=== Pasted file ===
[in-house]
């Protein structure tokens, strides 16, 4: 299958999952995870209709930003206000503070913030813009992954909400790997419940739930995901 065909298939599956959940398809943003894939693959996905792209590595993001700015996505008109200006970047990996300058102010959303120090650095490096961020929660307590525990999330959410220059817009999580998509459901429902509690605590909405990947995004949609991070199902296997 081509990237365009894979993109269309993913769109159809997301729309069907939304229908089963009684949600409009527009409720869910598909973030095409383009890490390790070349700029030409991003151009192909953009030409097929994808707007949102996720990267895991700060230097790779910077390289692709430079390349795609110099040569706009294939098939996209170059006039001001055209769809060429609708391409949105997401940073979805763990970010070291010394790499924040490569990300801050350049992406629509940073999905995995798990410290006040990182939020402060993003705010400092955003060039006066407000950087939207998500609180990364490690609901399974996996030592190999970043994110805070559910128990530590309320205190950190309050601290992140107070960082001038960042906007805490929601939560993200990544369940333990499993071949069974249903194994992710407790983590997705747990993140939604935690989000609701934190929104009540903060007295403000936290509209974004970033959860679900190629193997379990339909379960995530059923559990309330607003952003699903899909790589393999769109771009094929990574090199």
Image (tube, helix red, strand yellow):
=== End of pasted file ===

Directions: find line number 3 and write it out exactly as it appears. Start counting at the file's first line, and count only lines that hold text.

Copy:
Image (tube, helix red, strand yellow):